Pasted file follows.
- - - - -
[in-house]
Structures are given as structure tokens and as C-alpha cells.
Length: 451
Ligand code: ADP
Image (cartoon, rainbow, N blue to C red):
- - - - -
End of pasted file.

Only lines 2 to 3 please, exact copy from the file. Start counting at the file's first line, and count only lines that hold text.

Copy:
Structures are given as structure tokens and as C-alpha cells.
Length: 451